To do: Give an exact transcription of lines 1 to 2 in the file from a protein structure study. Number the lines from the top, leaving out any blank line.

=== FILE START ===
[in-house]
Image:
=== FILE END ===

[in-house]
Image: